Since the January 2010 earthquake, Hollywood celebrities, like so many Americans, have given their money and loaned their faces and voices to Haiti. But are they helping the country—or are they, and we, killing with kindness? In conjunction with the exhibition “In Extremis: Death and Life in 21st-Century Haiti,” this question was posed to a panel of people who have worked in Haiti and philanthropy, at an event at the Fowler Museum at UCLA.
Is putting pretty faces in front of a camera to raise money a plausible solution to Haiti’s problems? This was the question with which moderator Amy Wilentz, author of Farewell, Fred Voodoo: A Letter From Haiti opened the conversation.
Jordan Wagner, the CEO of Generosity Water, a nonprofit that drills wells in Haiti and around the developing world with the support of celebrities like Katy Perry, was quick to point out that his organization doesn’t work only with celebrities but with all sorts of people—children and professors, celebrities and community leaders among them. Wagner said that he is working to show people the power of small acts of kindness and teamwork, but he noted that many charities are not honest about where donations are going. That, he said, is why 100 percent of the public contributions to Generosity Water go to building wells, and the organization reports back to contributors with photographs, video, and financial documents.
Turning to Claudine Michel, a black studies scholar at UC Santa Barbara who was born and raised in Haiti, Wilentz asked what the problem is with celebrity charity and foreign aid in general. The story ought to start with Haitians, said Michel, but most Hollywood types who go to the country don’t start with locals from the bottom up. “They have an idea: it goes from top down to bottom,” she said. And as well-intentioned as they might be, the 11,000 non-governmental organizations (NGOs) that have come into Haiti with their own projects don’t understand the culture. Michel feels that the aid is coming at too high a cost. “We might be getting wells and other material things, but we’re losing our soul,” she said. “There’s no doubt about it: Haiti’s occupied.”
Marc Pollick, president and founder of The Giving Back Fund, which manages foundations for a number of celebrities, including two in Haiti, argued against dismissing the contributions of celebrities. “Celebrity is a very powerful lever,” he said. “I think Hollywood’s real focus and attraction to Haiti really started with something I call CNN Philanthropy. CNN now brings you every disaster in the world into your living room, then gives you a platform to help with that disaster.” He pointed to a post-earthquake telethon hosted by Wyclef Jean, who was joined by many celebrities. People don’t donate to telethons like these because they care about Haiti, he said—but because they love the celebrity who’s asking for donations.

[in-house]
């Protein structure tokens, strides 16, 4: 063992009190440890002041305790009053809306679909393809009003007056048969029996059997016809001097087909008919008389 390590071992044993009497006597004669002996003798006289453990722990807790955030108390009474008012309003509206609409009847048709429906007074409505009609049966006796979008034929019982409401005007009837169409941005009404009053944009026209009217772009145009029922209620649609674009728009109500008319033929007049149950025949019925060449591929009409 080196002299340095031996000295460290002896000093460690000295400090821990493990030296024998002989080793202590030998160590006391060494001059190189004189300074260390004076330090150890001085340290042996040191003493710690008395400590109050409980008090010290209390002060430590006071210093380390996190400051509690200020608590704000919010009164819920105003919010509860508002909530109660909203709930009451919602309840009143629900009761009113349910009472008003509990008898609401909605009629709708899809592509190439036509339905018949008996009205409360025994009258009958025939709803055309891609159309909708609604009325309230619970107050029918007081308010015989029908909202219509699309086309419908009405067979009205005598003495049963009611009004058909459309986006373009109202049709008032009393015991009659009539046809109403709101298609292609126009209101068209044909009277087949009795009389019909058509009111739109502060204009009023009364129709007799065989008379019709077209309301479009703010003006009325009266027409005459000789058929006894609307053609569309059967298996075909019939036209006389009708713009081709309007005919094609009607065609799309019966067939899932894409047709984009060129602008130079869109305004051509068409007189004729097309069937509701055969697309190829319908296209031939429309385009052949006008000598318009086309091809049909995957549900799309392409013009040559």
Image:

Wilentz suggested that the danger of NGOs and celebrities is that the nation becomes reliant on outsiders—and that its people don’t become the deciders of their own fate.
Wagner said that the goal of his water projects is to empower the communities being served—not to change anyone’s values. In order to ensure a project’s long-term success, Generosity Water forms a committee of local leaders to mobilize the community and take ownership of the well. “I’ve seen tangible change being made,” he said, and it is the result of collaboration and partnership.
Michel interjected to ask Wagner what his plans were to empower Haitians to build wells themselves—without an external presence.
Wagner said that a clean-water charity empowers people by keeping them healthy. Clean water keeps people out of the hospital with water-borne illness, and keeps children who would be traveling long distances to find water in school instead. “To tell me that it’s not empowering to someone, it’s simply not true,” he said.
Michel said that the problem runs deeper, however, and it has to do with colonialism, racism, imperialism, power, and access. “The Haitians are not given the opportunity to step forward and learn and be able to actually run those projects,” she said. “What’s left for the Haitians? It’s a situation of dependency—things are not put in place so that things can be sustainable.”
But, asked Wilentz, what if a celebrity advocated for an organization run by Haitians—would that be helpful?
The money can come from the outside, said Michel, but the projects should come from the inside. Haitians need to have ownership of the projects in their community—an ownership that’s lost when outsiders come in for two or three years to build schools and then leave.
The money that helps has also been a source of corruption in Haiti, said Wilentz. She recalled, immediately after the earthquake, seeing people in BMWs picking up people on the streets—the rich helping the poor in a way that’s rare for Haiti. A few weeks later, though, those BMWs were being rented to aid workers for $1,000 a week.
So what can be done to ensure that celebrities help Haiti and that aid efforts reach the people they’re intended for? Bring in scholars who know the country well, said Michel, and talk to people on the ground. And if you have a celebrity fundraiser, call in more people than just Wyclef Jean.